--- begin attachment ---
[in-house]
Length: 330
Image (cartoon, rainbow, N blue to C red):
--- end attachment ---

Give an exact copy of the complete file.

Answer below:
[in-house]
Length: 330
Image (cartoon, rainbow, N blue to C red):